Wednesday, June 29, 2022
COVID-19 has amplified existing inequality patterns and represented a major governance challenge requiring inter-sectoral, multi-actors and multi-level coordination to address fragmented reality. The additional and related trends and shocks of spatial inequality, food security and b=nutrition, climate change and digital transformation currently present both challenges and opportunities to put forward initiatives that can successfully integrate multi-level governance in urban development through spatial planning.
The Decade of Action calls for accelerating sustainable solutions to all the world’s biggest challenges, ranging from poverty and gender to climate change, inequality and closing the finance gap, mobilizing all sectors of society on three levels: global action, local action, and people action, through multi-level governance.
Multi-level governance has emerged as a paradigm shift in governmental and public management approaches that strive for broad consultative processes and mechanisms for vertical and horizontal coordination among and between a diverse range of actors and levels of government. This involves both the formal and informal institutions as well as the public, private and social sectors.
Both governance and spatial planning are defined as enablers for the territorial and urban development process. The relations between governance and spatial planning are symmetric in the sense that both enablers can be the departing point of a process that will end up reinforcing the second. A governance initiative can represent the starting point of a spatial planning process, while territorial planning can structure the development of enhanced governance structures.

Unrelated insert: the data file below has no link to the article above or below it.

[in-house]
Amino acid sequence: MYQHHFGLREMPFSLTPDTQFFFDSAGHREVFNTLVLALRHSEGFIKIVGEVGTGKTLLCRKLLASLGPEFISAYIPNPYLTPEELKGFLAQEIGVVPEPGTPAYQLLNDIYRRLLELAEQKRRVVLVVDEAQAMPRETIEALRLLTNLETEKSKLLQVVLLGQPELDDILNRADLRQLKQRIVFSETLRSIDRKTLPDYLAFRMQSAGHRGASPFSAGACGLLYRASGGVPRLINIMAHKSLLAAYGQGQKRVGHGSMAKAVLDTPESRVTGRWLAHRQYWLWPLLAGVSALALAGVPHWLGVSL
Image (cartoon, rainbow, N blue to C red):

The interconnection between governance and spatial planning has contributed to achieve progress in the implementation of the SDGs in an integrated manner, with impacts in the areas of poverty and social exclusion, territorial cohesion, local climate action, integrated digital transformation strategies, improved private sector involvement, enhanced local employment and opportunities. It is through these integrated initiatives that territories and cities achieve critical advancement of several SDGs at a time, ensuring the Decade of Action will lead to the accomplishment of the agenda 2030.
Transformative action beyond boundaries
Arup | Associated Director and Planning Services Lead Turkey
Government of Mexico | Mayor of Nuevo Laredo
Partnerships and UN Collaboration Division, Food and Agriculture Organization (FAO) | Director
ECOSOC | President
Africa of the International Observatory for Participatory Democracy (IOPD Africa) | Executive Director Enda ECOPOP Coordinator
Department of Human Settlements and Urban Development (DHSUD) | Deputy Secretary of the Department
National Institute of Territorial Planning and Urbanism (INOTU) | Vice-president